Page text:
Fa ayna tadh haboon. It is very difficult to understand the depth of emotion behind these words in the Quran when God asks us with so much love and compassion, "Where are you going?" The concern with which we are asked about the direction we have taken, if heard and understood correctly, could so easily bring us back to the right path. Unfortunately the people of this world, especially the Muslims, have gone deaf. Today, with the same worry and tremendous anguish in my heart, I am compelled to ask everyone "Where are you going? Why have you turned a blind eye towards the sufferings of your fellow human beings?"
"Isn't it our duty to prioritise our spending and give Syrian refugees a higher place in our grocery list of virtues which we think we can buy by spending a couple of weeks at a place called sacred in scriptures...?"
On one side, there are millions of displaced Syrian children in great distress all across the gulf and Europe, crying for help, and on the other side, there are more than 2 million Muslims, totally disconnected from the crisis, spending all their life savings to indulge in a 1400-year-old ritual called Hajj, which adds billions of dollars yearly to the already overflowing treasury of the Saudi king. The same money, if donated by the people for the cause of Syrian refugees, could solve many of their problems. And the Saudi government, which has welcomed more than 25 million pilgrims in the last 10 years, could divert the manpower and wealth used to host the pilgrims to give asylum to refugees who need care the most at this time. It is common knowledge by now that the Saudi government has not allowed a single refugee to enter the country (although they have offered Germany a mosque for every 100 refugees who entered that country).
The Muslim world specifically and humanity in general is totally defunct. Divorced from the struggles of our own brothers and sisters, by believing in a God we have done nothing but shift the burden of responsibility from ourselves to a higher power which might not even exist. When will we start to speculate that no higher power might come to lift the fallen and take it upon ourselves to do what is right to help the ones in desperate need? Isn't it high time already, especially for the people in the Muslim world who take pride in quoting the Quran on universal brotherhood and oneness among Muslims, which I must say, ironically, is only displayed during Hajj.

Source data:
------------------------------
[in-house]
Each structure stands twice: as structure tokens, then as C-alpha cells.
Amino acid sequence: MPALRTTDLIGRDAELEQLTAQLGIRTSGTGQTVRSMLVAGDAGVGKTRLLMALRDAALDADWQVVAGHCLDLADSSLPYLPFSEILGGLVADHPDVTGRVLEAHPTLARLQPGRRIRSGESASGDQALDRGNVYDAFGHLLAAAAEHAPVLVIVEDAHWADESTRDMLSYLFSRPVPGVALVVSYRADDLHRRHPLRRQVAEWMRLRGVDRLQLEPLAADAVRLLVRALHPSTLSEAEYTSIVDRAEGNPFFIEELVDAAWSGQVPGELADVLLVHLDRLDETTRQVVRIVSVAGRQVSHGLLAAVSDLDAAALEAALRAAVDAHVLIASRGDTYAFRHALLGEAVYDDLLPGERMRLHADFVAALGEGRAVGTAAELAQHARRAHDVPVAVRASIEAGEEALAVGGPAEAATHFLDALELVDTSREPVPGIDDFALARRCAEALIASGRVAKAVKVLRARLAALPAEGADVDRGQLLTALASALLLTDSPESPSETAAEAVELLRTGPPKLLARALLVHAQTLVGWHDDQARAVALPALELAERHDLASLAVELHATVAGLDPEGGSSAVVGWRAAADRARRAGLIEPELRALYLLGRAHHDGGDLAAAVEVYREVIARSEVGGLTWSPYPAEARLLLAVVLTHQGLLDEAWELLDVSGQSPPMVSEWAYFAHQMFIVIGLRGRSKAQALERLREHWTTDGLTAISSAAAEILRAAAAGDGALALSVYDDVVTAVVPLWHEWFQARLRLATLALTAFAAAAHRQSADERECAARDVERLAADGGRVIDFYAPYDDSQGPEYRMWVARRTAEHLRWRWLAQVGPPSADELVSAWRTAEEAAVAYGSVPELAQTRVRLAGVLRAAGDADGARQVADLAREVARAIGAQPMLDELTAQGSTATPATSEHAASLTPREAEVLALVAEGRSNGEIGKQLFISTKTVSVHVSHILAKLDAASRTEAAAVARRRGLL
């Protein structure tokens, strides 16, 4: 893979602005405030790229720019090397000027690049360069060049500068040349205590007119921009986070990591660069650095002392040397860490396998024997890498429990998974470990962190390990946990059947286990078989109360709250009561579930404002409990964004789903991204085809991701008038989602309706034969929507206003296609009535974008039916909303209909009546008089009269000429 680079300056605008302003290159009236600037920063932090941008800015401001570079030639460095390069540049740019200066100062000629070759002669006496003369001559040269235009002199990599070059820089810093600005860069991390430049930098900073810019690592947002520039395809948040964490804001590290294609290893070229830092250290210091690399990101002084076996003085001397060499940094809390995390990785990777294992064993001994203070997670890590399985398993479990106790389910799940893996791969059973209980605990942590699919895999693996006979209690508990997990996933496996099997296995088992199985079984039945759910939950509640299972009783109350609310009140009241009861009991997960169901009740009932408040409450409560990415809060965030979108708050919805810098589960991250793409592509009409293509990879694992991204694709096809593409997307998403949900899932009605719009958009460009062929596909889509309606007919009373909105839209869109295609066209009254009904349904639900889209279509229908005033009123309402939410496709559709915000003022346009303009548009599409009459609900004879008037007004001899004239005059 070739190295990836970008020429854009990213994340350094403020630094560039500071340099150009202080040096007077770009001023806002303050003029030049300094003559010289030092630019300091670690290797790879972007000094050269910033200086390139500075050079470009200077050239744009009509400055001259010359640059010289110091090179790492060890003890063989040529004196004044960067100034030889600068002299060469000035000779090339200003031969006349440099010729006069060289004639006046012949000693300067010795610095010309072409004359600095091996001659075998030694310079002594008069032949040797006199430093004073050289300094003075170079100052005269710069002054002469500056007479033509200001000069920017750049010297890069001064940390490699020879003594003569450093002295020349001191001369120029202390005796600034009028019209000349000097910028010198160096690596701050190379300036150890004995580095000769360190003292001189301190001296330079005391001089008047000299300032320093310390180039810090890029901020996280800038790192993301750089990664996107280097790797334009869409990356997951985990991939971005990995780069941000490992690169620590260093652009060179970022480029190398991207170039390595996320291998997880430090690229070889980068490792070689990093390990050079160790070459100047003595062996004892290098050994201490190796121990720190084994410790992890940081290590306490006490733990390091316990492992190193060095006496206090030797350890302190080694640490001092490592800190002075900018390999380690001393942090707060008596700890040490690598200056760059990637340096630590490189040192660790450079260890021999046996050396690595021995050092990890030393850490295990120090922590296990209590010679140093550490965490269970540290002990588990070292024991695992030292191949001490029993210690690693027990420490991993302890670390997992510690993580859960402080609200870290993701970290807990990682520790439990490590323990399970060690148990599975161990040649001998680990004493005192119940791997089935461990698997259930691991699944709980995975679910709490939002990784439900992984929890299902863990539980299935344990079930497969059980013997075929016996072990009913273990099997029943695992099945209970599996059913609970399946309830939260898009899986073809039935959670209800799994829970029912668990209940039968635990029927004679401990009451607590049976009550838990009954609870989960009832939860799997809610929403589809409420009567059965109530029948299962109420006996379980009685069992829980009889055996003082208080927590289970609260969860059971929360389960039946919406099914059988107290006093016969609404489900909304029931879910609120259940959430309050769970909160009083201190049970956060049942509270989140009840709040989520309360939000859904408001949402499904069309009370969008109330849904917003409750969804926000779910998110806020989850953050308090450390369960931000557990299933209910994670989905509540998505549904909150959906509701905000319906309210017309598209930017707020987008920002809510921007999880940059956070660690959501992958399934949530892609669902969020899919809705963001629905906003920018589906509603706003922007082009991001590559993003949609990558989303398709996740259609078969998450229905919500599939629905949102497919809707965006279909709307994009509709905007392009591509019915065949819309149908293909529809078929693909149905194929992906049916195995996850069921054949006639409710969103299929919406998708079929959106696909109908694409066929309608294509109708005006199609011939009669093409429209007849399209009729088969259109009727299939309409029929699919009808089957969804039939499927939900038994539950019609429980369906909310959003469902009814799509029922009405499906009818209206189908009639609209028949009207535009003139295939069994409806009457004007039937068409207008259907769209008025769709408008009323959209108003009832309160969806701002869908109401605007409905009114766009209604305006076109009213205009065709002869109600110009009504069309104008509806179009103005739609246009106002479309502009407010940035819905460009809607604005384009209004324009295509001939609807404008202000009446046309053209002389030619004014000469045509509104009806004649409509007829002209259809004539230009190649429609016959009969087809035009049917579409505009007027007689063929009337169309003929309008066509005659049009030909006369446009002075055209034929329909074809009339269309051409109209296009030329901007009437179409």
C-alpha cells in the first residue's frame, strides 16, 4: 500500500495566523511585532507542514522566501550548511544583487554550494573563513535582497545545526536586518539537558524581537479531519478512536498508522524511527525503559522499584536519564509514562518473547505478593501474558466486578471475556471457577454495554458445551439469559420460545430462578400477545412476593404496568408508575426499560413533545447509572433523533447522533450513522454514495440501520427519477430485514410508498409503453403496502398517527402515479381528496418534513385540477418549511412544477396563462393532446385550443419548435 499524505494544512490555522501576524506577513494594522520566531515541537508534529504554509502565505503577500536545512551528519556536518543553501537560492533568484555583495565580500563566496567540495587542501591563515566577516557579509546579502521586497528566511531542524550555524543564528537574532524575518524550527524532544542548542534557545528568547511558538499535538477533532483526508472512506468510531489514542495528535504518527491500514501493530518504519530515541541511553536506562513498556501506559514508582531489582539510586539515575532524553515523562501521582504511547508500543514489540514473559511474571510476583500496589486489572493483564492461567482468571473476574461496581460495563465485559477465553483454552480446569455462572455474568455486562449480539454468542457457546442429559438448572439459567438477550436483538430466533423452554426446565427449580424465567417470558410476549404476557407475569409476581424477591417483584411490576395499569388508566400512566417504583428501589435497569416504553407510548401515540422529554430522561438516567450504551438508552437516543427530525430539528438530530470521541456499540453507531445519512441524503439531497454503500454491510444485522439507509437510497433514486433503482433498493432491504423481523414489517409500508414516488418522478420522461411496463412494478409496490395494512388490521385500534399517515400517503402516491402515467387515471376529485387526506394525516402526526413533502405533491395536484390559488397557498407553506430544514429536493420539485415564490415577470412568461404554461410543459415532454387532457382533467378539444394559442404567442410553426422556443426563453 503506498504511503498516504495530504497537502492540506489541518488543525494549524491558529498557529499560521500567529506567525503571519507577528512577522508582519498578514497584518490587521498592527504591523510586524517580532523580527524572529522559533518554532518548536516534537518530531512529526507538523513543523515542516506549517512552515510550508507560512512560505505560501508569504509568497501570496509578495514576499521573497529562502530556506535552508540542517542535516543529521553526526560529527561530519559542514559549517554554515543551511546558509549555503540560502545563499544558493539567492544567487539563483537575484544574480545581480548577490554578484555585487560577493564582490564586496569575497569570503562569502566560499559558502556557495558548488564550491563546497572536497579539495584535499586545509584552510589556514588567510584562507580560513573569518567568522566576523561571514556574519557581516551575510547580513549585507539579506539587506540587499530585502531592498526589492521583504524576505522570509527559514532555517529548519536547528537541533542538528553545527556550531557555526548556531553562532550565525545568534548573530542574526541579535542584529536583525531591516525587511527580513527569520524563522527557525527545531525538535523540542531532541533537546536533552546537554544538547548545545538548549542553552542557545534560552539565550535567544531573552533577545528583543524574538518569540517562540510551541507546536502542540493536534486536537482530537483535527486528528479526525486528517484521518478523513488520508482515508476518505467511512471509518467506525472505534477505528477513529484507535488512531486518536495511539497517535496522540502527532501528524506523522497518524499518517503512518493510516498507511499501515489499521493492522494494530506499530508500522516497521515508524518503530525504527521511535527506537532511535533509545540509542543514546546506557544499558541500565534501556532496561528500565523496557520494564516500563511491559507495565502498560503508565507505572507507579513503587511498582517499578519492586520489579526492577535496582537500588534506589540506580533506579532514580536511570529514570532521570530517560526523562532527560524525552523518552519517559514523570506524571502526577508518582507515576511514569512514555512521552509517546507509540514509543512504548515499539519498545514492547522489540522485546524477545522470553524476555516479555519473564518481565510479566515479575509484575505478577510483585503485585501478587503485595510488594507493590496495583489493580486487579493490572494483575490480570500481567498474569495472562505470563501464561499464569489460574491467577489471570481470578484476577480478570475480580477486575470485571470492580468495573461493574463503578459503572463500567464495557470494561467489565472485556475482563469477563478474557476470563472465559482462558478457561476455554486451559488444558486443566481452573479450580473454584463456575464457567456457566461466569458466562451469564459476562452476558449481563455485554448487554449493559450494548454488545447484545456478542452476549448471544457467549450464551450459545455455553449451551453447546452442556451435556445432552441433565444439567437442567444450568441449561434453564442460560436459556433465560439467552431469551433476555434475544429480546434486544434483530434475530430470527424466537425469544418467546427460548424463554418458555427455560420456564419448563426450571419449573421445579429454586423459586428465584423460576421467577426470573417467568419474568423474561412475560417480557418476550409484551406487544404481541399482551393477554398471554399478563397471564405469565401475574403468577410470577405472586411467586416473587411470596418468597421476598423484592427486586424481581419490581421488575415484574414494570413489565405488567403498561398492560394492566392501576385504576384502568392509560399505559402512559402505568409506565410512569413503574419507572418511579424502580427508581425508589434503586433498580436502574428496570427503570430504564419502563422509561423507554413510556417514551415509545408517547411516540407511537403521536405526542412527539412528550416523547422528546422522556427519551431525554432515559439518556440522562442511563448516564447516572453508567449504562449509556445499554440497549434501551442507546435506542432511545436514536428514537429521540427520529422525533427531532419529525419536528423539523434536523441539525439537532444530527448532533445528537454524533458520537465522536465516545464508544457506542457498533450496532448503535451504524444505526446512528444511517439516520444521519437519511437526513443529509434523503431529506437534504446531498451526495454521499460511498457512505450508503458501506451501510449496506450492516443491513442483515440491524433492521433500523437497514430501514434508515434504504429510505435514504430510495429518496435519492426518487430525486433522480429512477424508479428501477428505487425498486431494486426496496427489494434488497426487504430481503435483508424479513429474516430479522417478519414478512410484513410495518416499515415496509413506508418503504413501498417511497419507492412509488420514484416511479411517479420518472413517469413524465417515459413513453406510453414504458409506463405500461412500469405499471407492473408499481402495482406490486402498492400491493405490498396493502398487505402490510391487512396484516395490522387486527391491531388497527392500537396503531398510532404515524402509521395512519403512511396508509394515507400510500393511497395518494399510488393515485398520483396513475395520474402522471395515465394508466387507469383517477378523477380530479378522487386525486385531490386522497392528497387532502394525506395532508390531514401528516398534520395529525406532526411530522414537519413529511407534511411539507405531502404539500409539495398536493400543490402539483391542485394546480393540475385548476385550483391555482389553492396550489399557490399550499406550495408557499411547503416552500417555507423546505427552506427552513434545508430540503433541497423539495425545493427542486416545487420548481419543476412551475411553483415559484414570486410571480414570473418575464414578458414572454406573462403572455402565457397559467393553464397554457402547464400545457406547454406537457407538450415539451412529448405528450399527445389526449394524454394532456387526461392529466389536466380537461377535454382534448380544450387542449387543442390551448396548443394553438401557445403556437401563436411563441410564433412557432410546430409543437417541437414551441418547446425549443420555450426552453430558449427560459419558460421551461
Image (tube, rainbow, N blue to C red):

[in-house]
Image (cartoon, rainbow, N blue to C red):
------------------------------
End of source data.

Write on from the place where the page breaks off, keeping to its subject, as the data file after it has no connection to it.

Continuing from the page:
Being brought up in a conservative Muslim household, there is only one verse from the Bible in my memory, and it has always been "Love thy neighbour" and I can quote hundreds of similar verses from the Quran urging us to help the needy, where as only a few (around nine) come to mind when I think about the importance of the pilgrimage called Hajj.
"I would not be able to justify giving my hard-earned money to a country which did nothing for the Syrian refugees in dire need."
Isn't it our duty to prioritise our spending and give Syrian refugees a higher place in our grocery list of virtues which we think we can buy by spending a couple of weeks at a place called sacred in scriptures as old as the last virtuous man that lived? And to the Muslims who aim to get a higher place in the eyes of God, I would suggest donating, for this Hajj will get them virtues worth one Hajj, but if they donate the money they had kept aside for this pilgrimage, they could get virtues good for a thousand Hajjs. And if they think this 28-year-old man is wrong in saying this, I would suggest they go and read their Quran right.
Yes, I am a devout Muslim, but I will never go for Hajj. I think there are a thousand better causes in the world for which that money and time can be used, and I, being a man of the 21st century, would not be able to justify giving my hard-earned money to a country which did nothing for the Syrian refugees in dire need.
Fa Firroo Ilallaah - Not there, come over here, come towards the path that is right, that is free of sin. -- the QuranSuggest a correction